I don’t know how you feel about it, but I’ve never really come to terms with the notion of having to make myself pure, although this is one of Patanjali’s precepts, called saucha in Sanskrit.
I was raised in Catholicism to believe that human beings were sinful, a state which is certainly impure. I would go to confession to tell the priest my impure thoughts and deeds, which had to be decidedly innocent as I was still a kid. It’s taken me years to get over the Church’s notion of mortal and venial sins.
Now, I think in terms of using Patanjali’s Niyama more like affirmations or reminders for creating a healthy relationship with myself.
To help cultivate cleanliness or purity, here is a checklist of techniques that comes by way of Emotional Yoga: How the Body Can Heal the Mind by Bija Bennett.
- Diet – Consider consulting your body’s needs – eating foods that not only taste good but feel good in your body.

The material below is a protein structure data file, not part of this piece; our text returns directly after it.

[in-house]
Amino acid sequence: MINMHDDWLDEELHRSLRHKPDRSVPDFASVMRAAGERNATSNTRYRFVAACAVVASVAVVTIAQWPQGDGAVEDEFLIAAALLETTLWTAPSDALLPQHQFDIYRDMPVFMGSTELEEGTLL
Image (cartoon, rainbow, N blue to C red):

- Satisfy your senses with the highest quality of influences in what you see, hear, touch, taste and smell.
- Notice your environment and observe what images and sounds feel like in your body; avoid those that are agitating or abrasive.
- Make your surroundings orderly, visually beautiful, refreshing, clean.
- Take time each day to regenerate yourself in silence.
- Keep external noise at a minimum so you can listen and feel your inner self.
- Eliminate a habit that trips you up and replace it with something new that frees you – that makes you excited, energised and joyous.
Sattva-suddhi-saumanasya-ekagry-indriyajaya-atma-darsana- yogy-atvani ca
Then, purity, clarity, and well-being of the spirit come to flower, as well as concentration, mastery of the eleven sense organs, and perception of the inner being.*
*The Essence of Yoga, Reflections on the Yoga Sutras of Patanjali, by Bernard Bouanchaud.